Armagnac: Cognac’s wonderful but underappreciated younger brother, Armagnac, must also be pressed from certain grapes, although restrictions are a bit more lax. Also unlike Cognac, Armagnac is only distilled once, ultimately producing a brandy that is richer in flavor than Cognac but with less boozy kick.

Pisco: Pisco is an unaged brandy made from grapes in Chile and Peru. To this day, the two countries are duking it out over who founded the unorthodox type of brandy. Though it is not so common in the U.S., sales are skyrocketing, with exports growing exponentially year after year. Get ready to see more of this raw, white spirit.

American Brandy: While the U.S. does impose the same two-year minimum as France, that’s about the only regulation American brandy makers need to follow. That lack of regulation on ingredients and aging grades makes American brandy a good but not optimal option, as it’s hard to say what exactly you’re getting in terms of quality.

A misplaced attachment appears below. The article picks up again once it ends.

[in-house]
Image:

Eaux de vie: An eau de vie is an unaged brandy made from any fruit besides grapes, such as apples, cherries and peaches. The result? Something similar to an authentic German schnaps.

How Do I Drink Brandy Straight?

Cognacs and even higher grade Armagnacs are brandies best enjoyed neat at room temperature. Brandy is very sensitive to heat; just the heat of your hand can be enough to warm the brandy and strengthen the alcoholic aroma, much to some brandy-drinkers’ preference. In fact, it’s not uncommon for brandy drinkers to ask for their glass to be warmed before the brandy is poured.

Notable Brandy Cocktails

Sidecar: Made with Cognac, orange liqueur and lemon juice, the Sidecar is an underappreciated classic cocktail that deserves to be revived.